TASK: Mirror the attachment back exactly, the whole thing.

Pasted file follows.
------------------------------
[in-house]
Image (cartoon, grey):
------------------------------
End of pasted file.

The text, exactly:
[in-house]
Image (cartoon, grey):